Cut the dough in half and roll each half out into a large rectangle about 30cm or more on its long side.
Slice this rectangle of dough into 1cm wide strips, 30cm in length.

Now roll the strips one at a time on the work surface with your hands to form long thin sausages
Press down on one end to create a flattened spoon shape.(I don't know why)

Place on a non stick baking tray, big enough to accommodate your rather long breadsticks and rest them for 10 minutes.

Bake for ten to fifteen minutes until golden brown, keep checking them.

The result is truly magnificent, these grissini are totally impressive. Serve a bunch of these standing in a glass and watch them disappear.
Giorgio Locatelli says these breadsticks make great breadcrumbs, but we have never had any left over. 

Sunday, October 19, 2008


Spring is a great time for dips and salads, so today in celebration of the warm weather we had a salad. Roquette, cos lettuce, cherry tomatoes, red capsicum and tuna with lashings of babaganoush on top.
The best thing about cooking babaganoush is you get to be a bit primitive, charring the eggplant on the open flame. I remember my surprise at the smoky flavour of this dip on my first encounter and I'm not sure that I immediately loved it. But I char with gay abandon these days filling the kitchen with an aroma reminiscent of marijuahna burning (so I am told). 
The smoky richness of babaganoush goes well with salads, barbecued meat and fish, especially lamb or just plain old carrot sticks, pita bread or water crackers. 

1 medium to large eggplant (aubergine)
1 teaspoon of cumin seeds
1 teaspoon of coriander seeds
1 clove of garlic
75 grams tahini
75 grams olive oil
50 ml water
Half teaspoon salt
Juice of 1 large lemon

The smoky flavour of babaganoush is developed by placing a whole uncooked eggplant directly onto the gas flame of your stove top. Turn the flame on full and let the eggplant cook until it is charred on the underside then turning it over with a pair of kitchen tongs repeat the process on the other side. You will find the peeling process, which comes next, easier if the eggplant is well charred, so don't pull it off the stove too quickly.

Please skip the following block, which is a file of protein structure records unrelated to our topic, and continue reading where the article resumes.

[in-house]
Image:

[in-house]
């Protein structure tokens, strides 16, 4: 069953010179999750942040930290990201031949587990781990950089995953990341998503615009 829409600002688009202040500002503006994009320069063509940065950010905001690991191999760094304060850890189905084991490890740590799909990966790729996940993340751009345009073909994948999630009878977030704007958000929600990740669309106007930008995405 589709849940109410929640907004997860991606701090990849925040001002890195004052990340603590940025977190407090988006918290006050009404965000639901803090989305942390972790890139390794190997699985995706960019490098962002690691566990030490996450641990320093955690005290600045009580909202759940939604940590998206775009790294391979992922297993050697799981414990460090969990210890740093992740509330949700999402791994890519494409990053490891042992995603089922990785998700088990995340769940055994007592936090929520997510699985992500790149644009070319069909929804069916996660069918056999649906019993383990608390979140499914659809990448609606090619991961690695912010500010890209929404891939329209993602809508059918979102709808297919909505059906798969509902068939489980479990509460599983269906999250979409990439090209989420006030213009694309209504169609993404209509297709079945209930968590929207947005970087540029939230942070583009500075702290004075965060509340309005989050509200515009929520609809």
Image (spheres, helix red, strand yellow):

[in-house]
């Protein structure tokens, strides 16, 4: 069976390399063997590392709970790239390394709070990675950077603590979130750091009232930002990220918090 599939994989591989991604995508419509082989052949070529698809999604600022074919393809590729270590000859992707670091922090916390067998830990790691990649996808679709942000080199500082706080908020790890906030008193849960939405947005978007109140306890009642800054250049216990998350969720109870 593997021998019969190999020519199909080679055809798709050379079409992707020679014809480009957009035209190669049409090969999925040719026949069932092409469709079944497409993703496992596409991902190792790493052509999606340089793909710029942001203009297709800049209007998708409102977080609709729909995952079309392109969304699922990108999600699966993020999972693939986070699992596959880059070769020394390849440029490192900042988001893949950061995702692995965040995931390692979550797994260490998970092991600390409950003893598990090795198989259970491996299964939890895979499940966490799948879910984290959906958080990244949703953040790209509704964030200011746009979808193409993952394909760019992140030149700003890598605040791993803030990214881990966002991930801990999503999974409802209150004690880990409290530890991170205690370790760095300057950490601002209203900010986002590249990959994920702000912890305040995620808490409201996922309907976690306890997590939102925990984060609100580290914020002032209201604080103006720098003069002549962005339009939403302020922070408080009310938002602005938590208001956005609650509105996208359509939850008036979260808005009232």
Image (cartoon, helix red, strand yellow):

Once this is done, put the charred eggplant aside in a bowl to cool 
Dry roast your cumin and coriander in a heavy based pan until they darken slightly and release their aroma. 
Place the seeds in the Thermomix bowl and grind on speed 10 for 60 seconds
Add the garlic and chop on speed 7 for 5 seconds or until evenly chopped
Now that the eggplant is cooled slightly, peel the charred skin away. Make sure that you leave as much of the browned layer beneath the charring as possible, this is where the flavour is. 
When you have removed all of the skin, cut off the stem and place the eggplant in the Thermomix bowl. 
Add the other ingredients ie tahini, olive oil, lemon juice, salt, water
Blend on speed 5 for 30seconds.
Turn out into a bowl and sprinkle with soumak more for the decoration than for flavour
Eat whilst still warm (which I think is the only way to go) or at room temperature.

Saturday, September 20, 2008

Za'atar Bread

They say you recognise soulmates from past lives by their smell. A hint of something familiar, alluring, attractive or comfortable caresses your nostrils, the earth moves and you remember. For the past week I had the flu and my sense of smell (and taste) deserted me.  I spilled half a bottle of tea tree oil on the floor and could smell nothing- no smell, nothing at all. I could have met a thousand soulmates and passed them by without a clue. So you can imagine that eating food was nothing like what it should have been either: salty, bitter, sour, sweet but nothing in between. What a strange world it is without smells, happily removed from and oblivious to the stinky things in life, but isolated from the pleasures that smell brings without really knowing it. Anyway my sense of smell is back and the richness of life awaits.

Za'atar is a herb mixture from the Middle east which is used to flavour kebabs, chicken, fetta cheese and more. However I know it best as the distinctive aromatic topping on Middle eastern herb bread. Za'atar lends piquancy and a herby aroma to the bread and it is very addictive. You have to love anything that starts with a Z don't you?
Soumak is the only ingredient which might be unknown to you. Well perhaps you might know it as the tangy red speckles on Arnott's barbecue shapes.  It is a crimson red powder with a sharp lemony tang and is available at the Queen Vic market or at middle eastern grocers. 

Za'atar Herb Mix
15 grams Sesame seeds toasted
35 grams Soumak powder
10 grams Oregano
10 grams Marjoram
10 grams Thyme
1 teaspoon Seasalt

For za'atar you will need to toast the sesame seeds in a dry frying-pan on the stove. The Thermomix isn't set up to cook at such high heat because of the damage this does to the food, but despite the damage, toasted seeds do taste very nice. Put the seeds in a cold pan and place over high heat, agitating the pan constantly to brown the contents without burning. When the seeds are toasted to a light brown remove them to the Thermomix bowl immediately to prevent burning.  
Empty your packets of herbs and the salt into the Thermomix bowl. I actually used packets of herbs that weighed 8 grams and didn't fuss about finding the extra 2 grams. 
Pulverise all of the ingredients on speed 10 for 30 seconds or until you have a fine powder.
Pour your za'atar powder into a screw top jar.

Za'atar Focaccia Bread
I followed the recipe from the Australian Thermomix Cookbook, but I did find I needed to add quite a bit of extra flour because the dough was sticky.